Four years ago, January 24, 2007, was the first day we Skyped into our classroom a classmate that couldn’t attend school because she had leukemia and the side effects from the chemo therapy she was receiving made it impossible for her to attend school. Through the efforts of a community of people my 4th graders embarked on an incredible experience using Skype video-conferencing software to include her in our class.
On cue it seems, as I was on morning crosswalk duty in front of our school Thursday, someone … actually 2 people I recognized were amongst about 15 students waiting to cross the street. Celest and her mom crossed and after several big hugs I had a quick conversation with them about how things were going. She is in 8th grade now, has put back all the weight she lost, and has a thick, full head of hair. She is in full remission and doing really well. She even helps counsel kids that have cancer based on her own experience.
The irony is that the street in front of our school is a nightmare of cars and kids and situations that would make you gasp 5 times every morning (it does me), so I was really pre-occupied with crossing kids and their families while Celest and her mom waited to talk to me (URGH!!!), so I wasn’t able to glean as much info as I wish I could have, or take a picture with my phone (dumb, dumb, dumb!) before they had to leave.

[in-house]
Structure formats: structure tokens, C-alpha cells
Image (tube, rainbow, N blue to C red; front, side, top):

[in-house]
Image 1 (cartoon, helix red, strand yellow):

Every year this “anniversary” comes around and I debate whether to mention it. But, every month I hear from at least someone this story touches … someone that this is a new story for. We tend to forget that many of these technology tools have been around for long enough that some of us have been there and done that 50 or more times … but this is still someone’s cutting edge. So for now, for at least one more year I will mention and remember this anniversary that touched and touches so many lives.
And also know this was not just a Skype story. We used blogs, wikis, Flickr and much more to leverage the entire experience.
But the story doesn’t stop with Celest. Her classmates were just as incredible in their own way. In less than 2 weeks they produced a movie that explained and archived the event for all to learn from. Some of the students that narrated the video didn’t even speak English, but learned their lines, spoken clearly (or we can’t use it) so they could be included. This video has been downloaded close to million times now (perhaps more).
The following year Skype sent a camera crew to film how we did it. Celest had improved and was now attending school “live” with everyone else (NOTE: I keep a class for 3 years – roll them from 4th to 5th to 6th, so Celest was in my 5th grade class too). So they filmed from our classroom and then Celest’s house, she stayed home one day and we recreated the previous year. Two videos (Here and here) were produced that day, and my students got to see how a film crew – including a photograper, lighting, sound specialist and producer do their jobs … they even let the students interview them before they went over to Celest’s house for the afternoon.
So many learning experiences and opportunities for all involved!
Learning is messy!